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Tracking Migratory Birds is a Good Book to Read

The Best Technology and Other Writing from the Previous Week.

Basic questions regarding the life histories of migrating birds have perplexed scientists for years, but new monitoring technologies are allowing scientists to identify the timing and routes of an increasing number of bird migrations, ushering in an era of historic discovery. Tracking small flying creatures over large distances on a continental scale is a logistical and engineering challenge. Although no single tracking technique works well with all species, advances in older technologies, such as GPS, can help.

Satellite tracking, as well as advances in global positioning systems, cellular networks, solar geolocation, radar, and information technology, are improving our knowledge of when and where birds migrate during their annual cycles and informing a variety of scientific disciplines, including evolutionary biology, population ecology, and global change. Many long-standing issues about animal behaviour and life histories will be answered thanks to the recent breakthroughs detailed in this article.

Migratory birds’ remarkable lives

NPR’s Fresh Air

Author Scott Weidensaul explores how new tracking technology may help keep migrating birds alive and how one species, the bar-tailed godwit, can fly over water for more than a week in this suggested listening.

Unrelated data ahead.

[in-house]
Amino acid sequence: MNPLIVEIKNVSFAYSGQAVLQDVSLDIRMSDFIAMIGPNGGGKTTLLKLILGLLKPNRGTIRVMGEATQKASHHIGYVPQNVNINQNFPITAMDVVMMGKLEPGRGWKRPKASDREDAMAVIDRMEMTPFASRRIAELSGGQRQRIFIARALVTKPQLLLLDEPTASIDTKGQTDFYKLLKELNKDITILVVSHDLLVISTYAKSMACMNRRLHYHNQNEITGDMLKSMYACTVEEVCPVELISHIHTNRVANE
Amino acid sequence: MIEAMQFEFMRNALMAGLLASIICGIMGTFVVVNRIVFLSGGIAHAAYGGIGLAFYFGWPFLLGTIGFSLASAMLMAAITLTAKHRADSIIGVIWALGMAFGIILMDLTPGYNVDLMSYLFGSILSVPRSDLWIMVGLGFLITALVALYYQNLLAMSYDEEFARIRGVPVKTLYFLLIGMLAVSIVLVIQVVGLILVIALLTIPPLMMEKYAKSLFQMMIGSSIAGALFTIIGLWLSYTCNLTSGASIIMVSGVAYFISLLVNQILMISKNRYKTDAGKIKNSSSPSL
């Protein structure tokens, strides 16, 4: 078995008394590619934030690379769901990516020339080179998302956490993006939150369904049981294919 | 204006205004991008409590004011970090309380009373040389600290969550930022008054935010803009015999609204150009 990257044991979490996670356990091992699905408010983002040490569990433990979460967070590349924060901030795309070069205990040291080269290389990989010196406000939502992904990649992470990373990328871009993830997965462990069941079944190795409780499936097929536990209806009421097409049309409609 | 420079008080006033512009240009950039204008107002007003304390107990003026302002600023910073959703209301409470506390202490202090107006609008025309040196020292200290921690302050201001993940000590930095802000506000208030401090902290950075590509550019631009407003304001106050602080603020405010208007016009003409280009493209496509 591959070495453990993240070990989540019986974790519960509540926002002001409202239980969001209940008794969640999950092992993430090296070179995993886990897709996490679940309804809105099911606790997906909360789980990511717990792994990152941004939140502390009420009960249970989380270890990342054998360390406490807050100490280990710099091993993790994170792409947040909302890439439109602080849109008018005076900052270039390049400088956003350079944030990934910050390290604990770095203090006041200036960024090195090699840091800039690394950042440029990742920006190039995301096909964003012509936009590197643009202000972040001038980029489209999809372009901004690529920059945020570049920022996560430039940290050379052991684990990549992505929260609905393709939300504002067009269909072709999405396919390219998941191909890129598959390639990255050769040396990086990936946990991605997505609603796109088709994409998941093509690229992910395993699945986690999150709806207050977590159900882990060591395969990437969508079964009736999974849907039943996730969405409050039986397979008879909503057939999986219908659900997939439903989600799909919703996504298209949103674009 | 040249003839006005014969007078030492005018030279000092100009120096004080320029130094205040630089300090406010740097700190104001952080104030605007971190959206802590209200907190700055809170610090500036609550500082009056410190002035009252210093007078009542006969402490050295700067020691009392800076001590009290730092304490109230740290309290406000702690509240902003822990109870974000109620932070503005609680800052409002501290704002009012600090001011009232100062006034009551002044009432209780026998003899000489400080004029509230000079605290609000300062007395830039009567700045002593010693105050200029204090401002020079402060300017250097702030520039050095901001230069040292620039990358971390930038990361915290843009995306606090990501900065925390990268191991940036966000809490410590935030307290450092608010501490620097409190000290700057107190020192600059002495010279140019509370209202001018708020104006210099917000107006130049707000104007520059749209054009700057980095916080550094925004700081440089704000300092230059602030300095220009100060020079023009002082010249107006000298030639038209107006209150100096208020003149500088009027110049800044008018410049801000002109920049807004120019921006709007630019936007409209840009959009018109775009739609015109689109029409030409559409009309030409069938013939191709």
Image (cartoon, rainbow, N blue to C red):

Musicians are pleading with concertgoers to wear masks. This is why.

Pitchfork’s Nina Corcoran

SXSW made a comeback earlier this month, two years after it was the first major music festival to be cancelled because to COVID-19. In conference rooms and show halls, the festival demanded proof of vaccination or a negative test, as well as masks, however the requirements for music venues were left to the discretion of the venues’ proprietors.

Many people developed COVID just as their touring schedules began to pick up again, and many can’t afford to miss performances after missing out on money for the previous two years.

Is my location being monitored? Apple’s anti-stalking technology, Tile, falls short.

The Washington Post’s Geoffrey A. Fowler

You’ve probably heard stories about Apple’s AirTags being used to stalk people by now. The Washington Post looked at Apple, Samsung, and Tile’s anti-stalking capabilities to see if they might prevent this, but found that the tools aren’t good enough.

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